As the tour was a combined walking-bus tour, our first stop was to St. Vitus Church, home St. John of Nepotuk’s tomb, beautiful stained glass windows, and a whole lot of history. The line to get in was long and the weather was rainy, but we made the most of it!





Once inside the church, it was clear to everyone why the line to get inside was so long. Students were captivated by the immense beauty within the structure.






Soon after leaving the church, we headed to Prague Castle. This was an extremely significant place to visit as not only does it contain much of the Czech Republic’s history, but it is also where the current President works. We were all excited to see to see the Czech flag raised which meant the President was in the building, though unfortunately we didn’t get a glimpse of him.




After leaving the castle, we walked for a little bit through the streets of the Old City before arriving at St. Charles’s Bridge. The oldest bridge in the city, it is one of the major symbols of Prague, making it one of the largest tourist attractions. Still, despite the crowds it was quite an incredible experience to be able to walk across the bridge. The gorgeous views were also a plus!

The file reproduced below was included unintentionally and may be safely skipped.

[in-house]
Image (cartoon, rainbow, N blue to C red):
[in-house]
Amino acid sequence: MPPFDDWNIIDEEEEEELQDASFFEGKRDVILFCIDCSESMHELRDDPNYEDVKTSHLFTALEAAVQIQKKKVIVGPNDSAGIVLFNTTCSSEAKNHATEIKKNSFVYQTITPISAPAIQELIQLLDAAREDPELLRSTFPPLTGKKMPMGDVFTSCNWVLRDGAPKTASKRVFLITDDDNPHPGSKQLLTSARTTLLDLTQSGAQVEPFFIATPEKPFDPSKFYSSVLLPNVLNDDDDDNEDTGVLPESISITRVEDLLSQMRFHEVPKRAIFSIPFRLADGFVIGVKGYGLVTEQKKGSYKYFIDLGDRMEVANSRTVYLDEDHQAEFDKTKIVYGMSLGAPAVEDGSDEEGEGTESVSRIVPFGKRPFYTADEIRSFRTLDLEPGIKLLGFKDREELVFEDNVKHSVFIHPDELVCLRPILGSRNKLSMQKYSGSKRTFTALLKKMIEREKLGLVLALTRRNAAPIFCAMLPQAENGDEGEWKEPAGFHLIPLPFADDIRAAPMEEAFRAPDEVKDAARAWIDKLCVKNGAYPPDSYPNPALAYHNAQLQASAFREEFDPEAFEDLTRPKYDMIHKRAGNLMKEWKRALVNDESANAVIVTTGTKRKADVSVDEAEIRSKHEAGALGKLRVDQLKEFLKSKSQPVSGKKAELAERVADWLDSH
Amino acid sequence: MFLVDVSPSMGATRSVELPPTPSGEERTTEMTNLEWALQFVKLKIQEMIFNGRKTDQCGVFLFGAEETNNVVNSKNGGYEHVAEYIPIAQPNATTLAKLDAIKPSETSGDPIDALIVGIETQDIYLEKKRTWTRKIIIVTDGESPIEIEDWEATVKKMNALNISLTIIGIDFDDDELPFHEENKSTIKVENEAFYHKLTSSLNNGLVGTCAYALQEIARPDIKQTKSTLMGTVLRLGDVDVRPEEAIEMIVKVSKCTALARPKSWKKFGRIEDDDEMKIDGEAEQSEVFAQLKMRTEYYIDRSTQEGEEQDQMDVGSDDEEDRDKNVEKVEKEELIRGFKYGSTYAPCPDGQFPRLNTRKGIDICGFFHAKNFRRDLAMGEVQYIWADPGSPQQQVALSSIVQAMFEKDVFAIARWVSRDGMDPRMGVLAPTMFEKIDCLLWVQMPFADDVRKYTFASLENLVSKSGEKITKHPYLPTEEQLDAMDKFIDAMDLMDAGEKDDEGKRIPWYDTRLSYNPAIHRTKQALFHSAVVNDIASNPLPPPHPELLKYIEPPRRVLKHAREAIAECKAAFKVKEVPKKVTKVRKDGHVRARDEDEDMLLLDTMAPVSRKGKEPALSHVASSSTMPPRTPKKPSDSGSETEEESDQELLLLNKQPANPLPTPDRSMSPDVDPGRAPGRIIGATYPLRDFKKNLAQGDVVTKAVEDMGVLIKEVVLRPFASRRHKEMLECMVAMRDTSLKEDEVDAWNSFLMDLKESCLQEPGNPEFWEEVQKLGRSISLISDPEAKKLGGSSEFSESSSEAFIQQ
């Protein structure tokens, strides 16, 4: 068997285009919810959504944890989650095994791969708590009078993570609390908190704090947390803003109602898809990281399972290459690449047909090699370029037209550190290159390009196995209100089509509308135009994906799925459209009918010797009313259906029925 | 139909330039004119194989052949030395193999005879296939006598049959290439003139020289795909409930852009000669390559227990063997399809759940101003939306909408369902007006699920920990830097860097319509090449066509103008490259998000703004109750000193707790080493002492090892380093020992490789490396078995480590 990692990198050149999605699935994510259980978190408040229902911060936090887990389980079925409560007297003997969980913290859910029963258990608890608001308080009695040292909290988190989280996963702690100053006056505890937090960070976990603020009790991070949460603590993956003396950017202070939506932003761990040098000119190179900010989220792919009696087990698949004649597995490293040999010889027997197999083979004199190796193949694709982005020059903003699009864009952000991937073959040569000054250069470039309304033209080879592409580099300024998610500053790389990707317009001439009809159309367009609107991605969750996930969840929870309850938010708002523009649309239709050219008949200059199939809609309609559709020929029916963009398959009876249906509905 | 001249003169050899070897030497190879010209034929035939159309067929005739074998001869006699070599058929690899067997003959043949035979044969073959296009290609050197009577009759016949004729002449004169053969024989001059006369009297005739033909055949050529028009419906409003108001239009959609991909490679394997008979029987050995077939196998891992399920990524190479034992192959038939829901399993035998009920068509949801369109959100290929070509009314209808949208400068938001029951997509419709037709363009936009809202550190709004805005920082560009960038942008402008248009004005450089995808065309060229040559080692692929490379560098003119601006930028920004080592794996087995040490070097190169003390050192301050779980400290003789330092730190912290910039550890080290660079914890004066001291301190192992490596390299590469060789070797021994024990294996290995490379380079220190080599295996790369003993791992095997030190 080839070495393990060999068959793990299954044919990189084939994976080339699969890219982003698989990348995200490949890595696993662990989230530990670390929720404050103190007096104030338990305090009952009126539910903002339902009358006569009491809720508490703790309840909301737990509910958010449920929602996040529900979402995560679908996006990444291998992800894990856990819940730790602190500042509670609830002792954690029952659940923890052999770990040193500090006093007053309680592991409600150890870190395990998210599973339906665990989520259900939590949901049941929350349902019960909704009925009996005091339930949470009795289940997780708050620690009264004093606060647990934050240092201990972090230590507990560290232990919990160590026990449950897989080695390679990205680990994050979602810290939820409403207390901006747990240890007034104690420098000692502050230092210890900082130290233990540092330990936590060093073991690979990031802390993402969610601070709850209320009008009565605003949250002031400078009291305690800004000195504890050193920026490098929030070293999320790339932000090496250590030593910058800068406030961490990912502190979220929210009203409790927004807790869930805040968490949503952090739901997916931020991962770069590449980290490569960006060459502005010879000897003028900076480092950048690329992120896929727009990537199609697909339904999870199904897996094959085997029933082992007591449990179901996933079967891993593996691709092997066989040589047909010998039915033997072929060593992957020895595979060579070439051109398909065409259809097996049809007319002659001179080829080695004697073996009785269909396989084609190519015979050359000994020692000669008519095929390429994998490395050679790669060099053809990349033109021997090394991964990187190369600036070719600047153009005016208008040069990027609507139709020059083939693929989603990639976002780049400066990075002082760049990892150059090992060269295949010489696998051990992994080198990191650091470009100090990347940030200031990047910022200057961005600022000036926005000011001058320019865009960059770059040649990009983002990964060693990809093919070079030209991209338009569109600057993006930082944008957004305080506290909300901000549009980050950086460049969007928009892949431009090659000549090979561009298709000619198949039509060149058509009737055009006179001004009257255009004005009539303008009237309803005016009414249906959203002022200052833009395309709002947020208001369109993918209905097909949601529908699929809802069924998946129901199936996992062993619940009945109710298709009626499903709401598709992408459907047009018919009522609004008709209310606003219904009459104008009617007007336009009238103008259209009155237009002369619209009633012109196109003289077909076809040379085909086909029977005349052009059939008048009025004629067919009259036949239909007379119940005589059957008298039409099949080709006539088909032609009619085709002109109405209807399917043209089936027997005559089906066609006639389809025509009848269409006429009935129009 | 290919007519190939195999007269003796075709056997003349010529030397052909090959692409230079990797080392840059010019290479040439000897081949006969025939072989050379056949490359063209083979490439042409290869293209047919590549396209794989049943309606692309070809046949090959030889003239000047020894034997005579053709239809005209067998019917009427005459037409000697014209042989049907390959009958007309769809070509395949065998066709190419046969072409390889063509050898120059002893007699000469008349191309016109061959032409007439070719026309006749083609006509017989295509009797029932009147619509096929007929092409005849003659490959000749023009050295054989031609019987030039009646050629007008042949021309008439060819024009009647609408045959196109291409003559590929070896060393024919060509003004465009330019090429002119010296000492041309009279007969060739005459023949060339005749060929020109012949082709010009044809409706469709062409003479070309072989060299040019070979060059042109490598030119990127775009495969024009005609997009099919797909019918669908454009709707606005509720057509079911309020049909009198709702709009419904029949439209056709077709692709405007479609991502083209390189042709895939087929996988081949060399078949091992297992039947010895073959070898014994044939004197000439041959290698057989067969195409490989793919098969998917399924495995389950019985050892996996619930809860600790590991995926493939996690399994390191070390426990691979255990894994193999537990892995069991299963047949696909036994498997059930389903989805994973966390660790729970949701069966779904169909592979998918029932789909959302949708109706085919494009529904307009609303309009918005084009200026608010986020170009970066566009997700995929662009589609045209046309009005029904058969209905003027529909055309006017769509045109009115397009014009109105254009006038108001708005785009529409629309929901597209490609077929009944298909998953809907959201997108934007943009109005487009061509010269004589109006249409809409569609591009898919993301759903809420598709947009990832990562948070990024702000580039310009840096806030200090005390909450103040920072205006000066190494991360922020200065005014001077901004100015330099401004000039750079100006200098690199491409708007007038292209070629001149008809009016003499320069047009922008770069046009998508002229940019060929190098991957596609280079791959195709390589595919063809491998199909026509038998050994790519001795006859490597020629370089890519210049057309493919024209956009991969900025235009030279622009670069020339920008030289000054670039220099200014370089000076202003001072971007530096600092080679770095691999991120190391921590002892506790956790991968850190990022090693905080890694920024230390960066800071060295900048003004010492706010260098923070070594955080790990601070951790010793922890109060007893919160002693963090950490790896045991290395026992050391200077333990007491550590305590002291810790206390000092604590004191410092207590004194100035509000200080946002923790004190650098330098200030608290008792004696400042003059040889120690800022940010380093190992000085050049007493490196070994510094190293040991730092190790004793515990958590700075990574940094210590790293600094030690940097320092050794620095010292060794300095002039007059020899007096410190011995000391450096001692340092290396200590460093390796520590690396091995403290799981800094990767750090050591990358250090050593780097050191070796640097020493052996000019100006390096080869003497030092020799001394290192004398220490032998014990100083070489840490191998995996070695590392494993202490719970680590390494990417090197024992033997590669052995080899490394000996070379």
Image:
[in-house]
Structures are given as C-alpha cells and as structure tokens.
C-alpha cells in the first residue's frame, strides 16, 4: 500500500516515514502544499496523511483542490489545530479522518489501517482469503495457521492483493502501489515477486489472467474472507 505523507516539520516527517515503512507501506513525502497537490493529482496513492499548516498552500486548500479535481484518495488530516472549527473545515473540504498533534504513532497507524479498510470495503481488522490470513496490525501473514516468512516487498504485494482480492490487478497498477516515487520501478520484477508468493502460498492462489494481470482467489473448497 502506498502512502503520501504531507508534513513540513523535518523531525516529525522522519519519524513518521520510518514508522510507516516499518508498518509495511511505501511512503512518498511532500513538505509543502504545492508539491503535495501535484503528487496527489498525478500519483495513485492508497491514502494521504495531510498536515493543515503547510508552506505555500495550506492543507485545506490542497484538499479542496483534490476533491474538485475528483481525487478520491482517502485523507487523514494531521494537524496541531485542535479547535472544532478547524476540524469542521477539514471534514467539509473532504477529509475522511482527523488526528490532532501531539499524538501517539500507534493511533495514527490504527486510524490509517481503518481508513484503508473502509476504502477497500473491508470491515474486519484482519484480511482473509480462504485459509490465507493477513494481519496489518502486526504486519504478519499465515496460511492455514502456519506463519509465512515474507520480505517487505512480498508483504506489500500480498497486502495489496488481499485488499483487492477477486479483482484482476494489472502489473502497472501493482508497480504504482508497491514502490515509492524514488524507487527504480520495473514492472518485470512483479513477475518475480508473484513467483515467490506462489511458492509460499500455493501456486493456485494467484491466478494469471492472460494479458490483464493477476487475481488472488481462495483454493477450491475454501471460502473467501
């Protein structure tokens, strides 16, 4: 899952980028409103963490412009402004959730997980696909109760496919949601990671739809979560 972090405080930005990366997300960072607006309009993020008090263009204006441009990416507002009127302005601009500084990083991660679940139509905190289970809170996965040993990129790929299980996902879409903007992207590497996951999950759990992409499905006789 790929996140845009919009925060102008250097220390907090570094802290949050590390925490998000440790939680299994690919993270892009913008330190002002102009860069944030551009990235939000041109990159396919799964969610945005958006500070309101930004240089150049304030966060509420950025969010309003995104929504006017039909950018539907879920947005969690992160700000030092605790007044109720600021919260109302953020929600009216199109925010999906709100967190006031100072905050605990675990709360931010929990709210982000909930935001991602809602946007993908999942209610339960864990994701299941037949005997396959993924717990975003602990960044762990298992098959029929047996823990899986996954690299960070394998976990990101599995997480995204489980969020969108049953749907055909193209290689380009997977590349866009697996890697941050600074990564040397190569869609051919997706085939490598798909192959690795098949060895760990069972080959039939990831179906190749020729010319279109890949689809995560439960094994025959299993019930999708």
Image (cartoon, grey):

Once across the bridge, the ensemble walked through a few more streets before arriving to a square in the Old City where we were given some free time to get lunch, do some shopping, and just explore the city.




When we met back up together, the group loaded back onto our gumdrop tour bus to head to the Dvořák museum. A world famous composer and a favorite of many on our tour, this was something many of us have been looking forward to for a long time. The chance to listen to Dvořák’s 9th symphony within the museum, see original manuscripts of some of our favorite pieces, and see some of the artifacts belonging to this great composer (including his personal viola!) was an opportunity we will never forget.





Tonight, students have the chance to explore the city on their own. Tomorrow is the day of our final concert! We cannot wait to play in Smetana Hall alongside the Fort Bend ISD Honors Orchestra from Texas. Stay tuned to see our post for tomorrow!


A Moment of Reflection: Terezín

Our afternoon was spent in the town of Terezín in the Czech Republic, located about 40 miles outside of Prague, which is our third and final concert destination.
Our excursion to Terezín consisted of a guided tour of the Terezín fortress and a walk through the Museum of the Ghetto at our own pace. The Terezín fortress was constructed in 1790 as a military station that could be used for defense in case of a war. The fortress then became a prison for political prisoners. During World War II, the fortress became a concentration/transport camp, where Jewish people endured cruel and hard living conditions. Many died within the fortress, and thousands of others were transported to concentration and death camps outside of the country. It was a very jarring and moving experience to witness some of the terrible side of history and learn all that people suffered.
We all had some time to ourselves as we went on the tour through the fortress and after as we thought and leaned on one another. Everyone silently reflected on the history of the fortress and what it personally inspired in them.